Securing the digital economy of today and the future
On December 1-2, Uruguay’s Chamber of Information Technology (CUTI), Uruguay’s Chamber of Digital Economy (CEDU), the embassies of Canada, the European Union, United Kingdom, and the United States organized a webinar series on cyber and 5G security for Uruguayan private and public participants. The series – “The Future is Here: Sharing Perspectives on Cybersecurity Opportunities and Challenges” – was one of the first joint collaborations of this kind between diplomatic missions in Montevideo. A diverse group of leading experts came together to discuss key cybersecurity considerations of technological advances for the private and public sector.
During his opening remarks, Deputy Chief of Mission Doug Briller highlighted the importance of multilateral collaboration to advance shared objectives. “This event is a wonderful example of multi-sector partnership coming together to share perspectives and address challenges on cybersecurity.”, Briller said. Canadian representatives from the RHEA Group, GENETEC, and ALRM Group briefed on the development of systems to implement safe cities, cybersecurity tools to protect critical infrastructure, and the potential implications of surveillance technology for privacy and civil liberties. A professor from Finland’s University of Oulo discussed the dramatic rise in the data collected in smart/safe city approaches and the need to implement cybersecurity awareness systems to for detection and reaction to threats and attacks.
A telecommunications official from Sweden provided an overview of the EU Toolbox for 5G security, its risk assessment framework, and how EU member states were implementing the toolbox based on their unique contexts. A UK cybersecurity official briefed on the UK’s national security assessment on 5G risks and vulnerabilities, and regulatory and legislative actions the UK has taken to ensure a secure and diverse telecom infrastructure. Lastly, the United States brought a Department of Justice official and private sector expert to discuss trends in cybercrime, including a case study on malware, as well as international cooperation mechanisms such as the G7 24/7 Cybercrime Network to help investigate and prosecute these crimes. Uruguayan participants from a range of government and private sector entities attended the two-day webinar series.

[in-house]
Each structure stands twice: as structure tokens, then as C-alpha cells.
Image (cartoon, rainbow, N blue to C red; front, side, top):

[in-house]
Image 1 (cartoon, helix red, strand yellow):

In launching the event, leadership from CUTI, CEDU, and each of the sponsoring embassies emphasized the importance of increasing collaboration on cybersecurity given our shared interests in securing the digital economy of today and the future. “In Uruguay, the United States promotes mutually beneficial economic partnerships through collaboration, technology, and innovation. It is vital that governments, local policymakers, technical experts, and the private sector all work together to share best practices on cybersecurity. We believe that with emerging technologies and cyberspace, we have a major stake in ensuring that the digital revolution serves us all, that it is secure, that it boosts our competitiveness, and is based on consistent standards.”, Briller emphasized.